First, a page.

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Bananas Over BanLec

By Richard Jeffreys

March 16, 2010


A study just published in the Journal of Biochemistry has generated a great deal of press coverage because it reports that a compound derived from bananas can inhibit HIV in a lab dish. The substance, a banana lectin known as BanLec, was first discovered twenty years ago and shown to be a potent mitogen (a substance which non-specifically stimulates T cell proliferation). The mechanism of HIV inhibition appears related to its ability to bind to sugar molecules on the viral envelope, thereby blocking virus attachment and entry into target cells. This mechanism is similar to the broadly neutralizing monoclonal antibody 2G12, although the paper reports that, unlike 2G12, BanLec can inhibit HIV isolates from clade C as well as clade B. The researchers conclude that BanLec might be adapted for use in microbicides, but caution that its mitogenic potential would have to somehow be stymied. Unfortunately many of the press stories have missed this caveat, instead characterizing BanLec as "naturally occurring" as if this is synonymous with safe. But the caveat is crucial, because stimulation of T cell proliferation would carry the risk of increasing susceptibility to HIV infection and causing other untoward inflammation-related toxicities. A Google news search for "BanLec HIV" currently retrieves 156 results, a search for "BanLec mitogen" retrieves none.

J Biol Chem. 2010 Mar 19;285(12):8646-55. Epub 2010 Jan 15.

A Lectin Isolated From Bananas Is a Potent Inhibitor of HIV Replication

Michael D. Swanson‡, Harry C. Winter§, Irwin J. Goldstein§ and David M. Markovitz‡¶||

From the ¶Department of Internal Medicine, Division of Infectious Diseases, ‡Program in Immunology, ||Cellular and Molecular Biology Program, and §Department of Biological Chemistry, University of Michigan Medical Center, Ann Arbor, Michigan 48109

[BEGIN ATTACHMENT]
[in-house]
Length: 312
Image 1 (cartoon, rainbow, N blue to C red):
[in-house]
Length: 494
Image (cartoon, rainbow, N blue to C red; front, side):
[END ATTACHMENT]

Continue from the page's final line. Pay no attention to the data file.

BanLec is a jacalin-related lectin isolated from the fruit of bananas, Musa acuminata. This lectin binds to high mannose carbohydrate structures, including those found on viruses containing glycosylated envelope proteins such as human immunodeficiency virus type-1 (HIV-1). Therefore, we hypothesized that BanLec might inhibit HIV-1 through binding of the glycosylated HIV-1 envelope protein, gp120. We determined that BanLec inhibits primary and laboratory-adapted HIV-1 isolates of different tropisms and subtypes. BanLec possesses potent anti-HIV activity, with IC50 values in the low nanomolar to picomolar range. The mechanism for BanLec-mediated antiviral activity was investigated by determining if this lectin can directly bind the HIV-1 envelope protein and block entry of the virus into the cell. An enzyme-linked immunosorbent assay confirmed direct binding of BanLec to gp120 and indicated that BanLec can recognize the high mannose structures that are recognized by the monoclonal antibody 2G12. Furthermore, BanLec is able to block HIV-1 cellular entry as indicated by temperature-sensitive viral entry studies and by the decreased levels of the strong-stop product of early reverse transcription seen in the presence of BanLec. Thus, our data indicate that BanLec inhibits HIV-1 infection by binding to the glycosylated viral envelope and blocking cellular entry. The relative anti-HIV activity of BanLec compared favorably to other anti-HIV lectins, such as snowdrop lectin and Griffithsin, and to T-20 and maraviroc, two anti-HIV drugs currently in clinical use. Based on these results, BanLec is a potential component for an anti-viral microbicide that could be used to prevent the sexual transmission of HIV-1.

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